Do you often get to the end of a day with a “to do” list at least as big as you had 10 hours before? Have you started a week with something important that needs to be completed but when you get to Friday afternoon it’s still sitting there – and now it has time pressure as well?
The good news is that you’re far from alone. We all have weeks like this. The better news is that you absolutely can do something about it – it’s time you learnt how to “batch”.
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Batching, Pomodoro Technique, Focus Blocks . . . call it what you like, all work around the principle of having focused blocks of time where you remove distractions and stick with one important task for a set period of time.
Sounds simple? Not for a school leader we suggest. The very nature of leading a complex organisation centred around people, means that our jobs are littered with opportunities to do the exact opposite.
I believe many of us have been seduced by the mantra that we have to be highly accessible. We take pride in keeping our office doors open and will drop anything to talk to a student or staff member. We answer emails as they come in (personally guilty!) and admin staff put phone calls straight through as a default action. Our days are full of constant, unpredictable shifts from task to task.
The unintended, but inevitable outcomes of this way of working, are that we’re spending way too much time on the busy work, too little time on the important work, and a constant feeling of not quite being able to keep up. For some of us, these consequences will be very obvious, for others they will just form part of the mental load that we carry home each night.
It’s time for change.
The very first thing to acknowledge is that you will have to take deliberate action if you want to change your current habits. You are also going to have to change the habits of the people around you – particularly the “gate keepers”, the people who either send you distractions or block them.
Both Steve and I are currently experimenting with setting up more robust versions of “batching”. We intend recording some of the challenges and successes that we find along the way. Sharing our real-life experiences with you is a win-win – it keeps us accountable and potentially helps others make changes that are both personally and professionally helpful.
Step 1 – Identify a block of time (ideally daily) that you will aim to use for batching.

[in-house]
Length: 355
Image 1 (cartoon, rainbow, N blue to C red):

I did this by writing myself a new schedule for the entire day. I tried to make the plan workable by scheduling my availability to match the ebb and flow of a “normal” day. For example, I like to catch-up with parents and students before school as they come in for the day so that’s not a good time to pick.
From looking at my usual schedule, I have chosen 9:30am to 11.00am as my batching block. Before the first bell, I like to be “out and about” in the school. Once classes start, teachers and students are busy so I head back to the Office. At this point, there will almost always be the need to catch-up with the admin team or parents for approximately half an hour. At the other end of my batching, morning interval starts, and I will be on duty or simply just talking with staff and students.
Step 2 – make the space
There are two parts to this step.
- Students, teachers, admin staff; they all have the potential to stop you batching. It doesn’t have to be this way. Even when the “wheels fall off” with a child, there are usually opportunities to slow down the necessity of an immediate principal response. In fact, a slow response can often be the best (a whole new topic). It is true that in a larger school there are more people available who can help with urgent work. If you are sole charge, it is much harder! However, we all have the option of when we schedule our batching and if your school doesn’t have two walking DPs just waiting to help, perhaps you can choose a time where it is more likely that someone else can run interference for you.
And really, that is the key; you need to get your people onboard with what you are doing. In my case, I met with the admin team and explained what I was trying and why. They readily agreed to help create the space. We have an understanding about when it is OK to interrupt and at this point, very little is getting through! Trust is key here.
- Email, Stuff News, social media; they are constant distractors for most of us. They demand attention, and wreck productivity.
If you are batching, turn them off. Yes, off. Don’t just not look, actually shut the tabs, close your email, and turn the alerts off on your phone. You can do this, and it feels really empowering! If in a moment of madness, you got a smart watch that connects to any form of media, take it off and turn it off. If your cat gets run over while you’re batching, someone will tell you later.
These two steps are enough to get started. In my next post on the topic I’ll share my schedule and some links to general thinking about batching. If you want to listen to an expert on the subject, check out Tim Ferriss’ 5-minute explanation below. If you have questions or want to share your batching story, please comment (bottom of this page) or message us, we’d love to hear from you.
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